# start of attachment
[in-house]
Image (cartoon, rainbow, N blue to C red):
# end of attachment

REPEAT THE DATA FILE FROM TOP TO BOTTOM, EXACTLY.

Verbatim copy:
[in-house]
Image (cartoon, rainbow, N blue to C red):